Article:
As might be expected, John Bogle talked a lot about excessive fees and the value of index funds, but his proposed solutions for the current system were fairly standard: shore up Social Security, expand access to the employer-based system and restrict leakage. However, Bogle also suggested limiting the participation of high-cost providers and noted the need for a uniform fiduciary standard. Asked about the issue of financial education during the Q&A that followed his prepared remarks, Bogle noted that in school we introduce students to investing concepts via “stock picking contests” — “exactly the wrong message,” he said, noting that he’d start with a compound interest table instead.ASPPA member Scott Betts
, senior vice president of National Benefits Services, highlighted a number of indicators that the current system has been successful, including:
* About 80% of participants in 401(k) plans make less than $100,000 per year, and 43% of participants in these plans make less than $50,000 per year.
* More than 70% of workers earning from $30,000 to $50,000 participated in employer-sponsored retirement plans when a plan was available, while fewer than 5% of those middle income earners without access to an employer-sponsored plan contributed to an IRA. In other words, middle class workers are 15 times more likely to save for their families’ retirement at work than on their own.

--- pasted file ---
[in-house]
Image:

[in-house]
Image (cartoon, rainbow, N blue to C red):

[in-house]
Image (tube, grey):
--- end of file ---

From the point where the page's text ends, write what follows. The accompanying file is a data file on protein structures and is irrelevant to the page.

Betts also highlighted a number of provisions in Sen. Hatch’s SAFE Retirement Act (S. 1270)
that he noted would address several of the legal obstacles keeping employers, particularly smaller employers, from offering these programs, and described the combination of nondiscrimination tests and contribution limits that makes the 401(k) system more progressive than the progressive income tax structure.
In his testimony, Dr. Brian Reid, Chief Economist at the Investment Company Institute, emphasized a series of points that ASPPA and NAPA have long championed, including the importance of not doing harm to the current system; the fact that the tax preferences for 401(k) plans are a deferral, not an exclusion; and the fact that the tax deferral benefit is equalized across income groups in the context of 401(k) plans.
Dr. Brigitte C. Madrian told the committee that a “survey of the current academic literature” on the subject indicated to her that financial incentives didn’t have much impact on the amount participants saved, but acknowledged that the threshold of the match was more important than the rate of the match. She also stated that the tax code was too complicated to be an incentive, citing as an example her inability to figure out if she was eligible for the Saver’s Credit.